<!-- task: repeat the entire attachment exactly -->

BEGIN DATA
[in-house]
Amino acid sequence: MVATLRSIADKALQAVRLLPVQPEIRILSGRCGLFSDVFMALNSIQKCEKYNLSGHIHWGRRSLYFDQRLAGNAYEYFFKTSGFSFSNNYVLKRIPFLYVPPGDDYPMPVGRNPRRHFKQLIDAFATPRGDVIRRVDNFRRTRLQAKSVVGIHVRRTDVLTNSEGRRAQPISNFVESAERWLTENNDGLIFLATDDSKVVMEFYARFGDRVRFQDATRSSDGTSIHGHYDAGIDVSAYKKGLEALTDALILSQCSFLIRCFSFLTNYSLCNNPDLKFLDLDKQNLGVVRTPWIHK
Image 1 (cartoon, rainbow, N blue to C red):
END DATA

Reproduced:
[in-house]
Amino acid sequence: MVATLRSIADKALQAVRLLPVQPEIRILSGRCGLFSDVFMALNSIQKCEKYNLSGHIHWGRRSLYFDQRLAGNAYEYFFKTSGFSFSNNYVLKRIPFLYVPPGDDYPMPVGRNPRRHFKQLIDAFATPRGDVIRRVDNFRRTRLQAKSVVGIHVRRTDVLTNSEGRRAQPISNFVESAERWLTENNDGLIFLATDDSKVVMEFYARFGDRVRFQDATRSSDGTSIHGHYDAGIDVSAYKKGLEALTDALILSQCSFLIRCFSFLTNYSLCNNPDLKFLDLDKQNLGVVRTPWIHK
Image 1 (cartoon, rainbow, N blue to C red):